1 – The number of games this season in which Everton have failed to score. This league record is only matched by Tottenham. It was no surprise then that both teams managed to find the net when the teams played each other at the beginning of December (albeit with Everton waiting to the final minute to do so).

Follow me on Twitter at @liamanewman

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Everton: The Month That Was (November)

Everton’s first game since last month’s edition of Lowdown was the always electric Merseyside derby. With Liverpool sitting in the bottom half of the league, and Everton coming into the fixture on the back of a five match unbeaten run, there was a justified sense of optimism regarding Everton’s chances. Inevitably, the game was a controversial affair, in no small part due to one Luis Suarez. Taking the spotlight once again, the Uruguayan played a key role in Liverpool’s opening goal, before scoring their second. Following his goal, Suarez celebrated with a theatrical dive in front of Everton’s dugout, a reference to Moyes’ pre-game suggestion that the striker goes to ground too often and easily. Despite the initial setback, the Toffee’s regrouped and pulled two goals back before half-time,  through Osman and the impressive addition Steven Naismith. After an explosively attacking first-half, the two Merseyside clubs failed to find the net at either end during the second period until stoppage time, when a Suarez goal was incorrectly judged as being offside.

A trip to Craven Cottage was next up on Everton’s calendar, and this result best represents why my positive evaluation of Everton’s season thus far is coupled with a hint of disappointment at potential points dropped. The Toffee’s dominated the fixture  in chances created and possession of the ball, yet found themselves behind after a Bryan Ruiz free-kick was turned into the net by Tim Howard. Everton responded in the second half with two goals from the yet again sublime Fellaini (more on him later) and the Blues had seemingly capitalised on their dominant display. However, Steve Sidwell rescued an unlikely point for the Cottagers with a last minute goal, forcing Everton into accepting a fourth draw in a row. On the basis of play in this game, Everton fans must be disappointed to have only walked away with a point from this fixture. This doesn’t come from an undermining of Fulham’s team, as I feel they have established a strong squad this season which could cause a lot of problems in the league. What this stems from is the fact that optimistic Toffee’s have suggested that this may be the season where Everton tread the elite Champion’s League boards again, and if that is to be the case, dominant displays such as the one at Fulham must be taken advantage of. Moyes himself summed this up following the draw, telling BBC Sport: “I’m really frustrated because if I really want to hang on to the boys at the top, I need to win these games when they come along.”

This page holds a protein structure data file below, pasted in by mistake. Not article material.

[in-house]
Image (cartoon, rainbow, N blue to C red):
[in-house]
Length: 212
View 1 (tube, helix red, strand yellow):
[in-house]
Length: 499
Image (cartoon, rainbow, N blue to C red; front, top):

Following Everton’s 2-2 draw against Fulham, Moyes reached the ten game milestone he had suggested in August where a judgement could begin to be made on this season’s performance. As well as sitting in fourth position, the Toffee’s also had the positive record of scoring in all but one of their games, averaging just under two goals per game. Far from the lack of firepower which has eluded Everton in recent seasons, results suggested that the Blue’s had found a scoring formula for the opening ten fixtures. Goals scored however, regardless of how impressive, only tells one half of the story. In the run-up to Moyes’ milestone, Everton registered four draws out of four, despite scoring seven goals. So, as greedy as it may sound coming from an Everton fan enjoying the occupation of a Champion’s League spot, there is the question of ‘what could have been?’ had Everton picked up maximum points when they were within grasp.

Everton returned to Goodison for the first time since the Merseyside derby, and for the sixth straight Premier League game, found themselves conceding first, this time to an Adam Johnson strike for visitor’s Sunderland. Again, Everton dominated the fixture and managed to strike twice for the lead, but unlike their previous result, managed to hang on for the three points. Fellaini was yet again involved in both of Everton’s goals, scoring the first before majestically setting up Jelavic three minutes later.